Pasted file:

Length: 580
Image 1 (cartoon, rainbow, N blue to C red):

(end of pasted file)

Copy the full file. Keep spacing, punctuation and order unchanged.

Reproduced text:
Length: 580
Image 1 (cartoon, rainbow, N blue to C red):